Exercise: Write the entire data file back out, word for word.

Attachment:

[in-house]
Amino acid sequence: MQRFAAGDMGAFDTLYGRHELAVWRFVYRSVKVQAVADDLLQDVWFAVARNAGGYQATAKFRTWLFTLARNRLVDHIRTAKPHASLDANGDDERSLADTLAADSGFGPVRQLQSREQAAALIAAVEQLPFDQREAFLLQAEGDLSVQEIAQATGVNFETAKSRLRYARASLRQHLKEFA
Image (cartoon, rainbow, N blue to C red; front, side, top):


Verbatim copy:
[in-house]
Amino acid sequence: MQRFAAGDMGAFDTLYGRHELAVWRFVYRSVKVQAVADDLLQDVWFAVARNAGGYQATAKFRTWLFTLARNRLVDHIRTAKPHASLDANGDDERSLADTLAADSGFGPVRQLQSREQAAALIAAVEQLPFDQREAFLLQAEGDLSVQEIAQATGVNFETAKSRLRYARASLRQHLKEFA
Image (cartoon, rainbow, N blue to C red; front, side, top):